Trump brags about the economy while blaming US “fiscal situation” for cutting federal raises
President Donald Trump touted the “great job” he is doing on the United States economy in an interview with Bloomberg News on Thursday — the same day he canceled pay raises for federal employees due to the government’s “fiscal situation.”
“You look at the economy, you look at jobs, you look at foreign, what’s going on with other countries. You look at trade deals,” Trump told Bloomberg. “I’m doing a great job.”
Trump frequently brags about the nation’s strong economy. But he patted himself on the back for it Thursday on the same day he called on the government to tighten its belt — specifically, by informing lawmakers on Capitol Hill that he will be suspending pay raises for federal workers.
“I have determined that for 2019, both across the board pay increases and locality pay increases will be set at zero,” Trump wrote in a letter to House Speaker Paul Ryan and Vice President Mike Pence on Thursday. “In light of our nation’s fiscal situation, federal employee pay must be performance-based, and aligned strategically toward recruiting, retaining and rewarding high-performing federal employees and those with critical skill sets.”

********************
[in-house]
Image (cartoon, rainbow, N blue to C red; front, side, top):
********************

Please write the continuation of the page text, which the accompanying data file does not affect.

About 1.8 million federal workers will not get a pay raise next year because of the directive, according to Politico, which noted that employees last had their raises suspended during the Obama administration as the nation recovered from a brutal recession.
But Trump canceled the raises during a strong economy, which he cheered in a tweet just before announcing his “alternative pay plan decisions.”
Trump has made brags about the economy a major part of his selling point ahead of the upcoming midterm elections — and his own possible re-election bid in 2020.
He has also cited the economy, which improved under predecessor Barack Obama, as a reason he should not be impeached amid an array of scandals.
“I don’t think they can impeach somebody that’s doing a great job,” Trump told Bloomberg.
That same poll found that 60% of Americans disapprove of his job performance compared with just 36% who approve.